From the writings of Hasan Ben Ahmed El Haimi, a Yemeni Embassy to Gondar in the year 1648

“We went to the King’s stronghold and climbed a high building, a stately edifice which ranks among the most wonderful of wonderful buildings and among the most beautiful of exceptional wonders, constructed of stone and lime. And there is in that town, indeed in the whole of Abyssinia, no other but it (as it is of very pleasing appearance and handsome design), because all other dwellings in these localities are only nests of grass. . . .

And this stronghold, which partakes of the characteristics of the King’s houses, is situated beside the town and at the highest point there; and it comprises many courtyards and long halls. Around these quarters are some other buildings made of earth, stretching in length, breadth and height to an extent which no eye beheld any other building. And these apartments are furnished as the King is wont to stay there, and there is in each apartment manifold Byzantine beds and Italian mattresses, which are embellished with gold, and magnificent sofas which are studded with precious stones and gems. And these palaces are unsurpassed as a wonder for the visitor and as a pride for this unbeliever king.”


From Aida Edemariam’s writing in The Guardian, Sept. 1, 2007

“Last year, I returned to Ethiopia for only the second time in 13 years. I did it in careful stages, spending a day getting re-acquainted with Gondar, its unpaved back roads and crumbling castles, and a couple in Lalibela, where, hiring a guide, I began to encounter a country both foreign to me, and, in a visceral way, completely familiar.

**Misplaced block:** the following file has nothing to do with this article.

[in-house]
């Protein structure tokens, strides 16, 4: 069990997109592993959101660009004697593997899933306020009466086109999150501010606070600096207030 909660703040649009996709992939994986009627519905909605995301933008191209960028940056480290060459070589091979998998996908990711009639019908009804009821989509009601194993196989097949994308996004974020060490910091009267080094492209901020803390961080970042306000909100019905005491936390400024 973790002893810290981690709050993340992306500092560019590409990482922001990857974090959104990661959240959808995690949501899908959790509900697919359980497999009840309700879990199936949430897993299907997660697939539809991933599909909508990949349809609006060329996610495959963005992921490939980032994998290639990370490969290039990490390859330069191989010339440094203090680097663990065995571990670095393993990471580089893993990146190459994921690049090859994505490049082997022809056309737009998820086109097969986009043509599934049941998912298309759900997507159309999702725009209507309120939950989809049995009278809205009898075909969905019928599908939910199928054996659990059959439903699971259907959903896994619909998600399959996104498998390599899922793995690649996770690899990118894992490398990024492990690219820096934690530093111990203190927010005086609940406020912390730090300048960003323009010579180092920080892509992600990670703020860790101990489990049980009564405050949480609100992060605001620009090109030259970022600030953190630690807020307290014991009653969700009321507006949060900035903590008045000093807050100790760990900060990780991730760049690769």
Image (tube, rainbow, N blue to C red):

The day I left Lalibela dawned clear and sunny, and by 10 a.m. I was being driven in a 4x4 into the towering mountain escarpments that ring the town by Mekedim. We were coming to the end of the small rains, but the stony terraced fields were dry. . . . At a seemingly random point Mekedim said, ‘Stop: let’s walk from here.’ Minutes later, we saw why: the ground dropped away into a sudden vista of depth and wonder, jagged cliffs soaring down to valleys hundreds of metres below, to mountains upon mountains piling into the distance. The vast sky was punctuated by the grey shrouds of rain showers. They blew past like visitations, soaked everything and were gone. The setting sun shone through the rain; a rainbow began far below our feet and curved up towards us, then was doubled. Everything moved at such speed that just blinking revealed another configuration.”

Buy Ethiopia Through Writers’ Eyes in Ethiopia at Mega and Bookworld shops, through Eland Books in the U.K., or via Eland Books’ website or worldwide.

A French-English translator and writer, Yves-Marie Stranger grew up on his family’s farm in the French Pyrenees. After spending 15 years in Ethiopia, leading horse treks in the Showan highlands, he now lives in France. (For more information about the author, visit